Cloonybreen Farm: Where Happy Pigs Come First

Located on a beautiful and quintessentially “New England” mountainside overlapping the Massachusetts-Connecticut border, not only are Cloonybreen Farm's settings picturesque but so too are the relationships shared between the farmers and the animals who call it home. It is clear this farm operates much differently than its counterparts who offer similar products, reshaping previous norms and expectations of what defines a pig farm. At Cloonybreen, you’ll encounter clean, fresh air, and often a calm breeze, providing a serene backdrop for a population of happy, free-roaming pigs—all free to explore and graze its many fields and forested lands as they please. Once these remarkable feelings of freedom and tranquility have washed over, another unexpected feeling arises: one of hope. A sense of optimism, upon recognizing this ideal place you’ve witnessed is not just an illusion, but rather completely real. Their dedication to sustainable farming practices and the happiness of their animals ought to set the standard for what other traditional pig farms should strive to be.

We were eager to jump on this opportunity to meet Cloonybreen Farm Manager Kevin Barbeau and his drove of pigs. He showed us first-hand exactly why his farm is a pig’s paradise, revealing his many secrets to success through simplicity, sustainability and responsibility—all key factors in building a family farm that strives to connect people to the food they eat above all else.

Q: How were you inspired to start the farm using humane and sustainable methods?

A: We all know the poor condition of our food supply in this country. We’re so disconnected to how our food is raised, which made us exhaust ourselves searching for truly locally produced products—sustainably raised and humanely raised. It made us start exploring ways in which we could utilize the land that we had here to begin raising livestock—primarily pigs—to meet a need that we felt for our own selves and in the greater community around us.

Q: What kind of pigs do you raise and how are they different from those raised on other farms?

A: Probably the thing that led us first to [the large black hog] is that we did our research into types of breeds that would be able to nurse themselves on grasslands and wood lots, which we have plenty of here—the ability to forage and virtually sustain themselves in the fields and the woods through their foraging and an ability to gain nutrition from the things that are already on the farm. When we first began searching, we thought, “when everybody thinks of prosciutto, I think we’re all thinking of Italian-style hams. There must be Italian hogs,” so we first started focusing on Italian-style breeds. Come to find out, in Italy, we came across a lot of these large black breeds. This breed likes to be raised outdoors year-round, so providing them comfortable shelter in the summer—and warm, dry shelter in the winter—is pretty much the full-time job of the farmer. People are surprised to learn that the pigs live outside in the cold winter months and snow, but this is how they’ve survived for generations before we started domesticating the pigs. They’re also capable of managing their own nutritional intakes to sustain themselves and grow.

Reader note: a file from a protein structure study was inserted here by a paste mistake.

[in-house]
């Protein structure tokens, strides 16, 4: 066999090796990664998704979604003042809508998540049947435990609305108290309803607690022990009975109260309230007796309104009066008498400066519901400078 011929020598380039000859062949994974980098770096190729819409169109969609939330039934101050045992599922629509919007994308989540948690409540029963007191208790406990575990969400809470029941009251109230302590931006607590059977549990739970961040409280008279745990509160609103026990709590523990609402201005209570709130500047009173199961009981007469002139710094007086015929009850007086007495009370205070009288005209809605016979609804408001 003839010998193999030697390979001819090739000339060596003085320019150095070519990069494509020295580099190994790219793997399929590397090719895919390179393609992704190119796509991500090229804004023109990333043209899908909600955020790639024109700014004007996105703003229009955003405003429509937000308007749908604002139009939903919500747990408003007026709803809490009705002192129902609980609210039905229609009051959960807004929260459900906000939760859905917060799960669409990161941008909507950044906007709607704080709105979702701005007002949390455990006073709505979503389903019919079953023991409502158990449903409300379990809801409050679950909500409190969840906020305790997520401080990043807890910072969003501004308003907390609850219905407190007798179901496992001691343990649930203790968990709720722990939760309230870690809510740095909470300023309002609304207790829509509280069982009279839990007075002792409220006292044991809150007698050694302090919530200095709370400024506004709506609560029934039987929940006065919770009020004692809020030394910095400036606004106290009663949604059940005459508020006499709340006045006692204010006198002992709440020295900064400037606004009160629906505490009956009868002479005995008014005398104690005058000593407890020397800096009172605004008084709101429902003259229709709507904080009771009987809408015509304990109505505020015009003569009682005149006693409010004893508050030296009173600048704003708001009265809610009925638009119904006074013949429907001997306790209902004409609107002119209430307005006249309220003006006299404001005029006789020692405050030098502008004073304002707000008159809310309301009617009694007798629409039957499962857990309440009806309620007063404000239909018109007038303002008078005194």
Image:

Q: What kinds of nutritious foods do your pigs enjoy to eat here on the farm?

A: The pigs enjoy a really good mix of clovers, brassicas, turnip tops and root vegetables that we grow right on the soil that they unearth all during the year, in addition to the grass. The farm was formerly an apple and nectarine orchard. We’ve been able to strip away a lot of the invasive species that have grown here over the last 75 years, and for that purpose, they are able to enjoy chestnuts, walnuts and acorns, as well as the various apples grown on the farm. We feel about 75-80% of their nutritional intake comes from the grasslands, the woods, the roots, the bugs and things they unearth from the ground; the chestnuts, walnuts and acorns are obviously seasonal, but a lot of those go uneaten during the fall, so come winter into spring they tend to want to dig those up and grab those from the ground. The apples and pears that we get add some nutritional value. Then, probably the second input we provide on a daily basis, we have a great local farm in Lee, Mass that provides us with Jersey Cow cheese whey. It’s super high in protein. The farming practices at High Lawn Farm in Lee are ones that we can really embrace. We have a lot of similar goals for our animals, and the health of our animals. I think that the nutritional value and the probiotic value of the whey serve the pig really well for great gut health, which allows us to run antibiotic-free here on the farm. (Although we have a healthy relationship with our vet, he pretty much knows when they arrive that they won’t be administering any antibiotics. It’s really a routine that we’ve gotten into with the vet because we want to have a relationship with them should we need them for anything serious that comes up). So then, we supplement all that with some non-GMO grain from fields just down the road, in Somers, from Pleasant View Farms. They pelletize that for us and we feed it to them to give them some minerals they don’t get from the land.